The current project analyzed almost 300 speeches, interviews, and articles from members of four extremist groups, two of which have a history of violent attacks and two non-violent groups. Using a computerized text analysis program that calculated the percentage of total words that reflected different function word categories, it was possible to analyze the linguistic style of the groups themselves. In addition, temporal analyses allowed for ways to determine which language features predicted violent behaviors among the violent groups.
Overall, each group had its own distinctive language style that reflected, in essence, its own personality. The violent groups, for example, used language that was more personal, emotional, simple, and understandable to a large audience. Despite this, the violent groups also had telltale linguistic styles of dishonesty in their word usage. Over time, both violent groups changed in their language use in ways that predicted violent behaviors to a modest degree.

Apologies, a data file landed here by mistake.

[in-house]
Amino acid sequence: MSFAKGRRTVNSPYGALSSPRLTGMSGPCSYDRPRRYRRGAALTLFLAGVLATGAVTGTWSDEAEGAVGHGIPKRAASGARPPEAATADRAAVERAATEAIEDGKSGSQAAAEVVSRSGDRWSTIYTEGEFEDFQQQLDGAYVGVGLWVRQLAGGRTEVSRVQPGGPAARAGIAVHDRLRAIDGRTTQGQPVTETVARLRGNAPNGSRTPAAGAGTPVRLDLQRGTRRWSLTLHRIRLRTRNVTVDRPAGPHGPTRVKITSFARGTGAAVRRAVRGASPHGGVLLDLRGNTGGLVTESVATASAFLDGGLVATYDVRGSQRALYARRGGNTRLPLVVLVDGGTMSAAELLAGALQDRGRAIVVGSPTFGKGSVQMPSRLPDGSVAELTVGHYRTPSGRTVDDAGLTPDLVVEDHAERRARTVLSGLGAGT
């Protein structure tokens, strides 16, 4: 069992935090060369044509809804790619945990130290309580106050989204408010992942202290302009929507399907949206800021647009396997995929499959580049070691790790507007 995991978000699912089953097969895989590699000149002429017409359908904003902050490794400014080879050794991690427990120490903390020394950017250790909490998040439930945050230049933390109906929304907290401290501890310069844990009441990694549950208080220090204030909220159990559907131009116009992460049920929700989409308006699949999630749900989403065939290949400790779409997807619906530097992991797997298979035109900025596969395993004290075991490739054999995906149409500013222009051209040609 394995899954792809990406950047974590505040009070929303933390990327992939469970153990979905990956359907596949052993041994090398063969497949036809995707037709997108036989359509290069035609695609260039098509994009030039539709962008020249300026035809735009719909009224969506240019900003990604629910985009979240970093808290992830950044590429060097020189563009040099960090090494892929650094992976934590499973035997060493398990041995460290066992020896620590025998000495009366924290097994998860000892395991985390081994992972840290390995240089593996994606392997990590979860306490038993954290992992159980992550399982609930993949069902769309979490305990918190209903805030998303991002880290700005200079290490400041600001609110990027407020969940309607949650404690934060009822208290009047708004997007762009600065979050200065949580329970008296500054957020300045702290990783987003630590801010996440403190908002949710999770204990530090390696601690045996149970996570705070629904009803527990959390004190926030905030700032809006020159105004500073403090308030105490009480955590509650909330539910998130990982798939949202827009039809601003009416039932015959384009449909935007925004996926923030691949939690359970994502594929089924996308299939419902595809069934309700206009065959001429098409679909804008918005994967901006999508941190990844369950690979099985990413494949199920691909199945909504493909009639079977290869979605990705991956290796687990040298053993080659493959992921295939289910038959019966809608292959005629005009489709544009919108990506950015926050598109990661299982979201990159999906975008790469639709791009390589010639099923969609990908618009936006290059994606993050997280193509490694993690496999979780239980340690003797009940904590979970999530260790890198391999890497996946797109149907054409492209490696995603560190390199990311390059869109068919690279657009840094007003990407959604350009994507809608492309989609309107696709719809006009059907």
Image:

The findings generalize beyond extremist or terrorist organizations. Comparable results have emerged from language analyses of leaders from both totalitarian and democratic countries in the weeks and months before their initiating significant attacks on others. Implications for the analysis of function words to better understand psychological processes are discussed.
See more of: Security
See more of: Symposia